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Thomas Clap was for twenty-six years rector and then the first president of Yale College. A Congregational clergyman, he was an intellectual figure of transcendent importance in the cultural and religious life of colonial America. However, he is almost a total stranger to American history. No other biography of him exists. He came to Yale College in 1740, when its rector was little more than a chief teacher. During his tenure he created and strengthened the role of president, reorganized and enlarged the library, established rigorous rules for student behavior, revitalized the curriculum, enlarged the faculty, and in-creased the size of the physical plant. He was, in sum, one of the chief architects of Yale. Clap plunged into the current of religious activity of the period. He fought a long and unsuccessful battle against the Anglican invasion of Yale. A confirmed defender of orthodoxy in religion, he was an active "Old Light" in the Great Awakening controversy. But whether he was expelling students for engaging in separatist activities or abruptly separating the college from the First Church of New Haven, he was animated by a scrupulous sense of duty, swerving not one degree from the lines of conduct marked out by his religious principles. Clap's interest in the intellect was by no means confined to battling Anglicans, enthusiasts, and rationalists. At Yale, he developed a program in natural philosophy and mathematics, collected scientific instruments, and carried on a vigorous correspondence with other scientists in America and England. As a mathematician, "he was of Olympian stature in colonial America." In scientific thought, he was a child of the new age, as progressive as Franklin or Jefferson. Despite his notable success at Yale College, his life there had tragic overtones. Heir of an authoritarian tradition, Clap ruled by force and compulsion and, because of his monumental pride, so involved himself in embroilments with his community and his students that both were glad, finally, when he submitted his resignation in 1766. This book is more than a history of Yale from 1740 to 1766. It is a history also of the intellectual life of the eighteenth century in the United States. But, most of all, it is the biography of a man who was argumentative and opinionated, enlightened and morally strong. Dr. Tucker has made a careful evaluation of Clap's significance as religious thinker, Newtonian scientist, college administrator, and religious and political disputant. Louis Leonard Tucker has served as: a post-doctorate Fellow of the Omohuddro Institute of Early American History and Culture (1958-60); Assistant Commissioner of Education of New York State and State Historian of New York (1966-76); Director of the Massachusetts Historical Society (1976-97). He is the author of eight books. He lives in Cambridge, Mass.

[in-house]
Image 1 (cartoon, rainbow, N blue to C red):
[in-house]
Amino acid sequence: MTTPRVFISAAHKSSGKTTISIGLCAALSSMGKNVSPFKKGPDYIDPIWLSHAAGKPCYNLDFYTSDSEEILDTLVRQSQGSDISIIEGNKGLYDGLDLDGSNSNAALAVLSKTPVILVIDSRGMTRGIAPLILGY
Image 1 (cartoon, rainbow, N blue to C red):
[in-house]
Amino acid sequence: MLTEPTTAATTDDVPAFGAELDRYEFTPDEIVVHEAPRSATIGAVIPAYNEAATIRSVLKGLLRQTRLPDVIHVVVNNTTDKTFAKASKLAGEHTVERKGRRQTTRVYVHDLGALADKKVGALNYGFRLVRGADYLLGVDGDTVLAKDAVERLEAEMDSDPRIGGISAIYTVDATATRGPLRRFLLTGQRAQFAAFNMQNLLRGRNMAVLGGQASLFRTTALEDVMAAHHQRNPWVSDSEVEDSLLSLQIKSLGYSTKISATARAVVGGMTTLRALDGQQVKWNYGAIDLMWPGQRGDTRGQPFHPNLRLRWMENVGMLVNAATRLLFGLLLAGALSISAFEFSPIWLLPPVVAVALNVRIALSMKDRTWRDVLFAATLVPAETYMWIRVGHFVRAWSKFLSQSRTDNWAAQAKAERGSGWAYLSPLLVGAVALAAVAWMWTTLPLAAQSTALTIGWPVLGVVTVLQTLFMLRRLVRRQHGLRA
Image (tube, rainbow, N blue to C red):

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Book Description Xlibris Corporation, 2006. Condition: New. This item is printed on demand for shipment within 3 working days. Seller Inventory # GM9781425712013